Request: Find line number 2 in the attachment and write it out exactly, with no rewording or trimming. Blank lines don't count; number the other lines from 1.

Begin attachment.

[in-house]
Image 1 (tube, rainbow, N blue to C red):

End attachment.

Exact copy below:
Image 1 (tube, rainbow, N blue to C red):